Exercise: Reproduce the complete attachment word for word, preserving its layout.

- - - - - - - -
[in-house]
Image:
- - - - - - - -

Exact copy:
[in-house]
Image: